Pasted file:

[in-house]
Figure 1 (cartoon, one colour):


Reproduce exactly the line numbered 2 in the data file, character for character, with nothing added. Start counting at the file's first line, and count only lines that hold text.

Figure 1 (cartoon, one colour):